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Property crime covers the various ways in which individuals, households or corporate bodies are deprived of their property by illegal means (or where there is intent to do so) or where their property is damaged. These include offences of burglary, theft, criminal damage (see also Criminal damage and Anti-social behaviour) and fraud (including identity fraud). Recorded crime includes crimes reported to and recorded by the police.
The degree to which crimes are reported and recorded varies according to crime type (see Crime trends). Key factors as to whether property crime is reported are perceived seriousness and whether property is insured. The British Crime Survey (BCS) provides estimates of crimes against the person and household, whether or not these are reported to the police. The BCS does not include crimes against corporate bodies. It does measure identity fraud as part of a separate study of hard-to-measure crimes.
Statistics on fraud use industry data (from APACS, the UK payments association and CIFAS) as well as from the BCS to supplement the number of crimes recorded by the police. Police figures on their own do not provide a good estimate of the levels of fraud. The BCS provides a measure of fraud (including identity fraud) committed against individuals in private households. However, there are conceptual difficulties around the definition and measurement of fraud in surveys: for example, respondents might not be aware that the deception has taken place.
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Key elements of police recorded burglaries (as defined by the Theft Act 1968) are entry (or attempted entry) to a building as a trespasser with intent to either:
steal property from it (including stealing or attempting to steal)
inflict grievous bodily harm, or
commit unlawful damage to property while inside
Recorded crime figures include burglaries of all buildings, reported to and recorded by the police, and make the distinction between domestic and non-domestic offences.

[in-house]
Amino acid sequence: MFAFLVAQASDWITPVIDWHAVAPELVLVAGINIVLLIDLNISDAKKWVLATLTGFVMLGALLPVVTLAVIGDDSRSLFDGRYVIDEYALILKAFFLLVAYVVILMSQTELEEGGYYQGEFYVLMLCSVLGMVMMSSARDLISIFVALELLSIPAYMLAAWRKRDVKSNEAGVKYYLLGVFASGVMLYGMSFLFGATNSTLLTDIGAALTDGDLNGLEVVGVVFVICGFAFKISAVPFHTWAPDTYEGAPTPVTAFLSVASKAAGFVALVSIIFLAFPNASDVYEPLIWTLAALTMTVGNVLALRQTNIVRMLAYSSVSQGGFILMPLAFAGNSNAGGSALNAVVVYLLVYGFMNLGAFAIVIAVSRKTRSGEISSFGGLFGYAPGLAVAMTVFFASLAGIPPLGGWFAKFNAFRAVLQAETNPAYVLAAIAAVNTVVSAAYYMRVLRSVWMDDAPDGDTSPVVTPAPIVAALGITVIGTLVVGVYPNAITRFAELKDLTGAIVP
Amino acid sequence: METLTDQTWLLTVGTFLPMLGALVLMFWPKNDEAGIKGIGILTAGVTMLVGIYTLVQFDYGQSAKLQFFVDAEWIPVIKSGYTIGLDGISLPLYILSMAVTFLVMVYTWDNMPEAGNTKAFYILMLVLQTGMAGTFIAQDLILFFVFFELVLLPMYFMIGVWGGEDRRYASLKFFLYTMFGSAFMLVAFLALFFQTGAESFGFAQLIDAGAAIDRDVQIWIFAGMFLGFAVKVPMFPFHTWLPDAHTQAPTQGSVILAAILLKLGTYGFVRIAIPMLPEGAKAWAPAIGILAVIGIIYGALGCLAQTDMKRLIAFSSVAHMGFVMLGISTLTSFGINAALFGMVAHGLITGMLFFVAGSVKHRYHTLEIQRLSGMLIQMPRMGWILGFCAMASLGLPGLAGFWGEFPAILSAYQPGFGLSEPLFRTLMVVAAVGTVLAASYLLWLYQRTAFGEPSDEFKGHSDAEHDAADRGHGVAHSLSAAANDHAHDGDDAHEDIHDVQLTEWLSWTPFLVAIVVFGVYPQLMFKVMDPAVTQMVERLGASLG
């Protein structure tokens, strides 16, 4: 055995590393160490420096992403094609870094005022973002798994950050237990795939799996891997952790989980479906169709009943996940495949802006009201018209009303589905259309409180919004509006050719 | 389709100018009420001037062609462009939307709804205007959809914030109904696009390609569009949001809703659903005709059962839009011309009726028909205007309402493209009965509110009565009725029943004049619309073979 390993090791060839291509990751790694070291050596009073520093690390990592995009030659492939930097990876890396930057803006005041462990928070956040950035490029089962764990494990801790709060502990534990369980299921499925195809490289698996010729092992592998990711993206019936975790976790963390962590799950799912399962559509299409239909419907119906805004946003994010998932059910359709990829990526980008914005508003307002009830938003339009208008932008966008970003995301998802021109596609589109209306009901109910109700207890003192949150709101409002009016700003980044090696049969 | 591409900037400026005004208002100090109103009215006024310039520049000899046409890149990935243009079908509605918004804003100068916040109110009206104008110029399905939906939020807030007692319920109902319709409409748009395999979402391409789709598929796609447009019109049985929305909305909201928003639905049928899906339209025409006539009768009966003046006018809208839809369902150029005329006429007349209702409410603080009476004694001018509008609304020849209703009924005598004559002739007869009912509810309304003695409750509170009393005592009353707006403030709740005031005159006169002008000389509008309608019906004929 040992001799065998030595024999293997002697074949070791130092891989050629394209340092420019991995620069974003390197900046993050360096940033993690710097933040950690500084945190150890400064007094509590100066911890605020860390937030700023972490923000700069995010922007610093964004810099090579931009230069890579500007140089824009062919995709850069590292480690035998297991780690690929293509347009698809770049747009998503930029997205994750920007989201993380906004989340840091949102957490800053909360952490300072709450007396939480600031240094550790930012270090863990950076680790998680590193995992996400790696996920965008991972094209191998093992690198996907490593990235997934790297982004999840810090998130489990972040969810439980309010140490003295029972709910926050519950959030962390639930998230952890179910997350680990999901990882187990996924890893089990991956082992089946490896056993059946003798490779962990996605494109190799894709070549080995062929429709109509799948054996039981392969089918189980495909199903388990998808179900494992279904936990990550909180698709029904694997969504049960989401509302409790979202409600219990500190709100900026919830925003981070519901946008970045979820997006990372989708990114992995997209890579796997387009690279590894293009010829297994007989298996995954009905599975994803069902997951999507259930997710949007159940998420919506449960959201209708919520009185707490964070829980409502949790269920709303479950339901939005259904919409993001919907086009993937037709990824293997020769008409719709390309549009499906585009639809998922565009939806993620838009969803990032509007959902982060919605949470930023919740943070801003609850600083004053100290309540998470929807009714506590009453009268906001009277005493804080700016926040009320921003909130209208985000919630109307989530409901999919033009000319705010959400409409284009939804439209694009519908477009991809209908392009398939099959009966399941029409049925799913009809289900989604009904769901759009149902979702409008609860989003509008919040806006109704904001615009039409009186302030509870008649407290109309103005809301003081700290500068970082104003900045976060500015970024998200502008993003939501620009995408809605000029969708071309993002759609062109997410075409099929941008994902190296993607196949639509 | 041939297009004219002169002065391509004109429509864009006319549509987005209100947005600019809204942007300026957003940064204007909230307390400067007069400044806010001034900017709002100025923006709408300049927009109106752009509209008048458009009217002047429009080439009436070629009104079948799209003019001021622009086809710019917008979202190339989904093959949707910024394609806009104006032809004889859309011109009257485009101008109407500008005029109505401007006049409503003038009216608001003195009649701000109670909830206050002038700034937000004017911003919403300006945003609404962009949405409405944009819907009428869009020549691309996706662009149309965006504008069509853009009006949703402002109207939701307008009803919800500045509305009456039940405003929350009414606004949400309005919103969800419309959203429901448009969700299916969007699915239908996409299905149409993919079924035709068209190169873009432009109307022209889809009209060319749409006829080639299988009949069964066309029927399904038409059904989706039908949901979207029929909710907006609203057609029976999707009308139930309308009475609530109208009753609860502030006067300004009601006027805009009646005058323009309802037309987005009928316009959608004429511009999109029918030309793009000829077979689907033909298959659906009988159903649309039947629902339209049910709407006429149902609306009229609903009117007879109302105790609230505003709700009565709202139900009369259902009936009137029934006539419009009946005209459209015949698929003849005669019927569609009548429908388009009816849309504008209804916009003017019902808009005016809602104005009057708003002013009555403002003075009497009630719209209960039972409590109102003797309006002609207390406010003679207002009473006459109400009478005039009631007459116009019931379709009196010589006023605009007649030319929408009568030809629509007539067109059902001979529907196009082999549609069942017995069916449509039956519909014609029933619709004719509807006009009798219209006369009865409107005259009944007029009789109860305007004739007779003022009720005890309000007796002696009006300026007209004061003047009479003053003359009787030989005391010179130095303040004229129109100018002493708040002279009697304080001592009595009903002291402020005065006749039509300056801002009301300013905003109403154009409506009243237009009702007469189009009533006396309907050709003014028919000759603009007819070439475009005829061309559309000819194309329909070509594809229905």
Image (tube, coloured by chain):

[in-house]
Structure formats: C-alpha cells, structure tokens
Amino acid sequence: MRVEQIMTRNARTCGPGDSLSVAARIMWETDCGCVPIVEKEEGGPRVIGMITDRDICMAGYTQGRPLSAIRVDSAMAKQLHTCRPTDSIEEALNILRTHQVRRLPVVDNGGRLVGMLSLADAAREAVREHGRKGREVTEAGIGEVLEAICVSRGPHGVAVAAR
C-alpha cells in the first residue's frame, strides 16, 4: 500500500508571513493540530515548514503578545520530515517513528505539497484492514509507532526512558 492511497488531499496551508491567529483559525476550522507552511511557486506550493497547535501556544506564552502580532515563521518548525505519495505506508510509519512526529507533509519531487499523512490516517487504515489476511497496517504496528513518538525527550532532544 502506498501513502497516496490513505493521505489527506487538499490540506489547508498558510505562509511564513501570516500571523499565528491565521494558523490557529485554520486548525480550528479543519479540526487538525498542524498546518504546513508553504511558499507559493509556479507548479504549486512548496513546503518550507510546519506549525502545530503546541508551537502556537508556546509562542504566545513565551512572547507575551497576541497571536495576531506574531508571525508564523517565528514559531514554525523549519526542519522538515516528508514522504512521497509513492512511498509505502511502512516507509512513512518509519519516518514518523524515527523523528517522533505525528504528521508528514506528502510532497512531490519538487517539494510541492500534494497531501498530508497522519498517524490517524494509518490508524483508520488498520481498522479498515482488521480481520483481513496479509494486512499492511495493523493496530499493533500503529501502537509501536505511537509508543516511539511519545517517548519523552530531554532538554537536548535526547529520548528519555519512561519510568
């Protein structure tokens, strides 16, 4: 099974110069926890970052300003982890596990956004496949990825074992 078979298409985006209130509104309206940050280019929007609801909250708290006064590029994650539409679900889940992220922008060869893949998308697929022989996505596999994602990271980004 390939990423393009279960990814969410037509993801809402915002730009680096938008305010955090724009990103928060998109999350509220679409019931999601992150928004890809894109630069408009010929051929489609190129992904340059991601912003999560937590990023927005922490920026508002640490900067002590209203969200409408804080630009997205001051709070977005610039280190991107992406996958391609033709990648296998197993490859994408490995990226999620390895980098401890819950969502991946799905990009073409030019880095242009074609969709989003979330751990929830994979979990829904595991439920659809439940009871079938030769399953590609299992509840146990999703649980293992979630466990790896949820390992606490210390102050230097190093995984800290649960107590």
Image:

The British Crime Survey (BCS) covers domestic burglaries only, which is defined as an unauthorised entry (including break-ins and attempts) into the victim’s dwelling (any house or flat or any outhouse or garage linked to the dwelling via a connecting door), regardless of intent.
The police recorded crime category of offences against vehicles covers private and commercial vehicles and comprises:
thefts and attempted thefts of vehicles, where the intent is to permanently deprive the owner
unauthorised taking of a vehicle, where intent to permanently deprive the owner is not evident (this would typically include ‘joyriding’ where the car is later recovered)
aggravated vehicle taking, where a vehicle once taken is known to have been driven dangerously, damaged or caused an accident
thefts and attempted thefts from a vehicle targeting property in or on the vehicle, and
interfering with a motor vehicle, which includes attempts to drive away without apparent intent to permanently deprive the owner (mostly included as ‘attempted thefts’ within BCS)
The BCS includes offences against private households only and includes cars, vans, motorbikes, motor-scooters or mopeds used for non-commercial purposes.
It identifies three vehicle theft categories:
thefts of vehicles, where a vehicle is stolen
thefts from vehicles, refers to both theft of parts and accessories of motor vehicles and to theft of contents
attempted thefts of and from vehicles, not distinguished between because of the difficulty in establishing the offender’s intentions
Police recorded other theft includes all theft and handling stolen goods offences but excludes all offences against vehicles (such as theft of and from a vehicle).
The British Crime Survey (BCS) coverage of thefts is as follows:
theft from the person comprises snatch and stealth theft. There may be an element of force in snatch theft (just enough to snatch the property away) and victims are often aware of the incident. No force is used in stealth thefts and victims are usually unaware of incidents at the time they occur. For recorded crime, theft from the person offences are those where there is no use of threat or force
other theft of personal property covers thefts away from the home where no force is used and the victim is not holding or carrying the items when they are stolen (for example, thefts of unattended property in the workplace)
other household thefts cover a number of theft types. Theft in a dwelling includes thefts that occurred in the victim’s dwelling, by someone who was entitled to be there. Theft from outside a dwelling covers incidents where items are stolen from outside the victim’s home. The category also includes burglaries to non-connected buildings, for example, garden sheds
bicycle thefts are recorded by the BCS if no attempt was made to steal anything else
Fraud: Changes to reporting procedures
From 1 April 2007, where a financial institution makes full financial recompense to an account holder, the financial institution (rather than the account holder) can report the crime directly to a single point of contact within the police.
These changes have been supported by APACS (the UK payments association) and ACPO (the Association of Chief Police Officers). The Fraud Review (2006) also referred to the changes that were being put in place (see the Attorney General website).
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